|Iris Perks (ladyiris) wrote in 20somethings,|
@ 2022-08-06 19:32:00
|Entry tags:||c: iris perks, d: 2028 08, ~ complete, Ω: rp|
RP: Worrying over things you cannae change
Who: Iris, Persephone
What: A family moment
When: 6 August 2028
Where: Perks family home
Completion status: Complete
Training for the St. Mungo’s half marathon was easily the hardest thing that Iris had ever done. Running consistently wasn’t making her any fonder of the exercise. Honestly, once she’d run the marathon in October she would happily never run another metre in her life. At least her dad was along for the ride with her, although he was annoyingly thriving in a way that made Iris scowl every time he suggested doing just a little bit further.
When she’d arrived at her parents’ house this afternoon for a visit before work, Alistair had teased her about increasing their training distance next week. In return, she had told him that she hoped his day was full of disgusting and gross cases at the hospital. That had only earned her an even more annoying hair ruffle when he left for his shift.
At the moment, her parents were fostering three children. It was kind of nice seeing the house so full and watching them tear around the garden with water balloons and toy brooms playing a complicated and enthusiastic game of their own invention. Two of them had been with the family since before Christmas and viewed Iris as a sort of aunty who showed up every now and again and smuggled in sweets for them; the third was twelve and only been in the house for a few weeks after circumstances made it impossible for her to return to her Muggle home for the holidays after her first year at Hogwarts.
Under the shade of the garden umbrella, Iris helped herself to a biscuit while her mother poured the tea. Her eyes flicked up as she heard the lid of the teapot rattle more than it should. “You should have asked me to do that,” she said quietly, a familiar, sad feeling in the pit of her stomach.
“Do what?” Persephone asked blithely, using her other hand to steady the pot before she set it down. Her hands still trembled even once they were empty.
“You know what.” Iris dunked her biscuit into her tea, pulling it out before it got too soggy. “You can’t fool me. It’s getting worse.”
Persephone, her expression warm, shook her head. “No, it’s been like this for a while.” Her blue eyes narrowed. “You need to stop doing that.”
“Doing what?” Iris grumbled, slouched in her chair.
“Worrying over things you cannae change.” Persephone sipped her tea. “The tremors are under control, I’ve not lost any more dexterity and currently there are no other symptoms of the malediction.”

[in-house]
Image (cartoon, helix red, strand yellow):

Despite her worries, the corner of Iris’ mouth turned up. Only a former Healer could talk so calmly about a blood malediction, she thought wryly. The curse hadn’t been passed on to Iris, as far as they could all tell, but that had never made Iris feel glad or even relieved. When she was nine, she overheard a conversation between her mother and her aunt, completely by accident. She should have been outside playing with her cousins like the foster kids were now, but she’d wanted a drink. Even now she could remember the exact clothes she’d been wearing when she’d heard that her birth had affected her mum’s health, the moment an indelible memory that liked to surface at her lowest moments.
“Under control doesn’t mean not getting worse,” she pointed out. “Does Auntie Panda know? Or Uncle Hype?”
Persephone made an indelicate sound. “Your uncle has a newborn. I really think he has better things to worry about than me using magic to tie my shoelaces.”
Iris needed another biscuit. “You haven’t worn anything with shoelaces for years.” Not since before she’d stopped practising healing.
“That’s not the point I was making and you know it.”
Looking across the table, Iris couldn’t meet her mum’s gaze, instead looking at her slim, pale hands. She’d first taken up cross stitch as a way to keep her hands moving and Iris had been captivated, learning alongside her. Sometimes Iris could almost forget why they’d taken up the hobby.
“You don’t want them trying to fix things,” Iris said, trying to keep the sullenness out of her voice.
“It is what it is, my little rainbow.” Persephone waggled a biscuit at her daughter. “I plan to be doddery but dignified for as long as I can.”
That didn’t really make Iris feel better, but she also knew that while her feelings were valid she wasn’t the one with a life-shortening curse running through her veins. “At least let me pour the tea sometimes.”